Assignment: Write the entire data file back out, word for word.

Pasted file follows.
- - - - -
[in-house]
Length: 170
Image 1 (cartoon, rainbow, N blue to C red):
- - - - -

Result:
[in-house]
Length: 170
Image 1 (cartoon, rainbow, N blue to C red):